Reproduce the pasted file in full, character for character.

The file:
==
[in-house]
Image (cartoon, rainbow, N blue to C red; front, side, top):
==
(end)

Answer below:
[in-house]
Image (cartoon, rainbow, N blue to C red; front, side, top):